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ATLANTIC CITY, a City31641-h.htm'>City of Atlantic county, New Jersey,
U.S.A., on the Atlantic Ocean, 58 m. S.E. of Philadelphia and
137 m. S. by W. of New York. Pop. (1890) 13,055; (1900)
27,838, of whom 6513 were of negro descent and 3189 were
foreign-born; (1910 census) 46,150. It is served by the
Atlantic City31641-h.htm'>City (Philadelphia & Reading) and the West Jersey &
Seashore (Pennsylvania system) railways. Atlantic City31641-h.htm'>City is the
largest and most popular all-the-year-round resort in the United
States, and has numerous fine hotels. The City31641-h.htm'>City extends for 3 m.
along a low sandy island (Absecon beach34405-h.htm'>beach), 10 m. long by ¾ m.
wide, separated from the mainland by a narrow strip of salt
water and 4 or 5 m. of salt marshes, partly covered with water
at highest storm tide. There are good bathing, boating, sailing,
fishing and wild-fowl shooting. A “Board Walk” stretches
along the beach34405-h.htm'>beach for about 5 m.—the newest part of it is of
concrete—and along or near this walk are the largest hotels,
and numerous shops, and places of amusement; from the walk
into the ocean extend several long piers. Other features of the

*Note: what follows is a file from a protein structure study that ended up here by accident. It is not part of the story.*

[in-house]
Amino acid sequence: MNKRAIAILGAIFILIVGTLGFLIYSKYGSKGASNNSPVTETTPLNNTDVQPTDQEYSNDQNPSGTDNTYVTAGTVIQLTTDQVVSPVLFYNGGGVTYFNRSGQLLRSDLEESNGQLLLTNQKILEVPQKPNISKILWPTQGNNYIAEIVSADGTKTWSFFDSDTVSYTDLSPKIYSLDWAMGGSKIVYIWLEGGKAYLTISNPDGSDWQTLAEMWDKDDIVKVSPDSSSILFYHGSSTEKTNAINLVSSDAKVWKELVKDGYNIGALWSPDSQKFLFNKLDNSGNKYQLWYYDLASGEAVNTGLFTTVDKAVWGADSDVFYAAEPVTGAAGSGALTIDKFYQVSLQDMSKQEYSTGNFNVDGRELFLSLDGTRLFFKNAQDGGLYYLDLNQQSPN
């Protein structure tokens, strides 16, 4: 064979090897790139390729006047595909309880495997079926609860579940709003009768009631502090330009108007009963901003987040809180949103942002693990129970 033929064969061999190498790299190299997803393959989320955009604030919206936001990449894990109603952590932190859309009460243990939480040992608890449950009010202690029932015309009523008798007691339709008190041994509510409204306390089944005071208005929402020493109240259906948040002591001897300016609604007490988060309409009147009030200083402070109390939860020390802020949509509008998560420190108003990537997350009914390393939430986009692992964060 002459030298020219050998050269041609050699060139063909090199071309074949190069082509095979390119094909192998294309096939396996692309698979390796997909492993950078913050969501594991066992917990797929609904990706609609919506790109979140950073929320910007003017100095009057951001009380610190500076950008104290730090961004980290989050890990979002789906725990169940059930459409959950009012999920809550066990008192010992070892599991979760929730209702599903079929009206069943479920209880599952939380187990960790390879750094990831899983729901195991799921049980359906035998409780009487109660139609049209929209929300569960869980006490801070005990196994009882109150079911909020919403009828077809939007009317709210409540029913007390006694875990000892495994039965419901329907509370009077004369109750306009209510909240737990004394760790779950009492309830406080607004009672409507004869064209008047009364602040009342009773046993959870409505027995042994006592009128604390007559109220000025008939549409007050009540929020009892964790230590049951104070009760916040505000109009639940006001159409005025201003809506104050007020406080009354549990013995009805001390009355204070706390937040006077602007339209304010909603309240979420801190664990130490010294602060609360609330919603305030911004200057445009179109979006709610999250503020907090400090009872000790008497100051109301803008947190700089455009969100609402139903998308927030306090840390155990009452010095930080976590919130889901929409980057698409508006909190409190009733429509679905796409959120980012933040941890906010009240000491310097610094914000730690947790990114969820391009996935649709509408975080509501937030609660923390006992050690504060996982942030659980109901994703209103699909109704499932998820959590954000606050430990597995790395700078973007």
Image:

place are the broad driveway (Atlantic Avenue) and an automobile
boulevard. There are several seaside sanitoriums and
hospitals, including the Atlantic City31641-h.htm'>City hospital, the Mercer
Memorial home, and the Children’s Seashore home. On the
north end of the beach34405-h.htm'>beach is Absecon Lighthouse, 160 ft. high.
The municipality owns the water-works. Oysters are dredged
here and are shipped hence in large quantities. There was a
settlement of fishermen on the island in the latter part of the
18th century. In 1852 a movement was made to develop it as
a seaside resort for Philadelphia, and after the completion of
the Camden & Atlantic City31641-h.htm'>City railway in 1854 the growth of the
place was rapid. A heavy loss occurred by fire on the 3rd of
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